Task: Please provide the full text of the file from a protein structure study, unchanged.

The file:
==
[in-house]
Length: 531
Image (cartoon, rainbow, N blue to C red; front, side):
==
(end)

[in-house]
Length: 531
Image (cartoon, rainbow, N blue to C red; front, side):